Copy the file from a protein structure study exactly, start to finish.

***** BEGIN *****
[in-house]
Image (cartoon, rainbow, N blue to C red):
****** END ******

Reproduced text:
[in-house]
Image (cartoon, rainbow, N blue to C red):